In early 2017 Mr Justice Arnold ordered an innovative and pioneering injunction preventing the live pirate streaming of Premier League football matches across the UK. In the summer of 2017 that order was renewed to cover the 2017/2018 season and has now been renewed again until the end of the 2018/2019 season.
As the sums paid by Sky and BT to win the rights to show Premier League marches has increased, so too has the subscription price they charge customers. That growing cost has led to a surge in online piracy of sports events in recent years.
Many of those pirate streams operated on Kodi-type boxes, keeping their website hosting addresses secret.
The reason this injunction has been working so effectively is that it is not actually against the pirates. It is a mandatory injunction compelling most internet service providers ("ISPs") (including BT and Sky) to block unauthorised streams in real time.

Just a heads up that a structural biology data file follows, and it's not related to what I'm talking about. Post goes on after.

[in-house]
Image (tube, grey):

Since the injunction was first granted the ISPs have blocked access to over 5,000 server IP addresses that were the originating sources of illegal streams. The injunction does not provide any mechanism to identify or punish those ISP's customers caught watching illegal streams, other than the disappointment of seeing it turned off mid-game.
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